How to talk with your team about mental health

Management mental health training

How to talk with your teams about mental health

How comfortable do you feel when chatting to a team member about their mental health? Or something which is going on in their life which is impacting their well-being?

Do you feel relaxed and confident? Or do you find yourself in your head wondering what to say to them? Or wondering what questions to ask? Or feel you have to fix the issue in some way?

If you experience the latter, know that you are not alone!

When it comes to the task of managing mental health you may feel out of your depth. Worried about saying the wrong thing, or making things worse. You may find it easier to chat about stress, something we can all relate to. But if you are chatting to your team member about neurodiversity, anxiety, bereavement or cancer, for example, you may feel out of your comfort zone.

The important thing to remember here is that you don’t have to have all the answers.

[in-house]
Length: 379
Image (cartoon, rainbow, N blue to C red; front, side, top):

When you’re engaging with a team member about something that’s impacting how they are showing up, this isn’t about you having a magic wand and resolving the issue for them! You may work in a role or an organisation which is very focused on problem-solving. But this is one problem you don’t have to fix!

But it’s also something which you shouldn’t ignore.

How to chat with your team about their mental health

Don’t wait for the red flags to chat with your team members

As the saying goes, words don’t teach, but experience does. Therefore a great rule of thumb is not to wait to see the red flags before engaging with a team member about their mental health or well-being.

Checking in with your team on a weekly basis and asking how they are doing, instead of jumping straight into work mode will help you get more familiar and comfortable with having human conversations! A lot of managers admit that conversations with their team are focused on the task at hand, projects and objectives.

If you’ve not had many, of what we refer to as human conversations, then it may feel a little uncomfortable to begin with. But like anything, the more you do something, the easier it becomes.

In addition, the more you ask the question ‘How are you doing – really?’ you will send out the right signal to your team that you care. That you are invested in their well-being. And you will start to build trust.